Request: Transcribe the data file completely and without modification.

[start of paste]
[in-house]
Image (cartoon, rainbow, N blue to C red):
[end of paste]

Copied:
[in-house]
Image (cartoon, rainbow, N blue to C red):